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Wind-induced dispersion of building exhaust in an urban environment : a full-scale and wind-tunnel study

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Wind-induced dispersion of building exhaust in an urban environment : a full-scale and wind-tunnel study

Xuan, Wei (1999) Wind-induced dispersion of building exhaust in an urban environment : a full-scale and wind-tunnel study. Masters thesis, Concordia University.

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Abstract

The reingestion of toxic or odorous gases exhausted from rooftop stacks may be a cause of indoor air quality problems of a building. In order to avoid such problems, certain precautions should be taken during the design period. One of the current engineering practices is to evaluate the exhaust dispersion using ASHRAE dispersion models. As another alternative, a wind tunnel study can be carried out to predict peak concentrations at critical locations. However, neither ASHRAE models nor wind tunnel modeling have been thoroughly validated with full-scale data. For the purpose of evaluating empirical formulas and wind tunnel modeling techniques, four field tests on the roof of the Hall Building of Concordia University and a wind tunnel study have been carried out. The influence of various parameters on the dispersion process were investigated. These included the exhaust momentum ratio, stack location, stack height and building shape. Flow visualization was performed as well to determine the flow pattern around buildings. Several results were drawn from the current study: (1) the ASHRAE models generally provide reasonable prediction of minimum dilution (D$\rm\sb{min}$) with some notable exceptions. (2) In general, wind tunnel results compared well with the full-scale data; however, for receptors close to the stack, the wind tunnel overestimates D$\rm\sb{min}$. (3) Both wind tunnel and field results indicate that D$\rm\sb{min}$ is significantly affected by the exhaust momentum ratio (M); wind tunnel tests with the isolated building do not show this dependence on M. (4) Roof level concentration can be reduced by increasing the stack height. (5) Building shape has a considerable influence on rooftop flow patterns.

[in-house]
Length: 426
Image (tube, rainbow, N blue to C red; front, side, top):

Divisions:Concordia University > Faculty of Engineering and Computer Science > Building, Civil and Environmental Engineering
Item Type:Thesis (Masters)
Authors:Xuan, Wei
Pagination:xvi, 131 leaves : ill. ; 29 cm.
Institution:Concordia University
Degree Name:Theses (M.A.Sc.)
Program:Building, Civil and Environmental Engineering
Date:1999
Thesis Supervisor(s):Stathopoulos, Ted
ID Code:729
Deposited By:Concordia University Libraries
Deposited On:27 Aug 2009 13:13
Last Modified:08 Dec 2010 10:16
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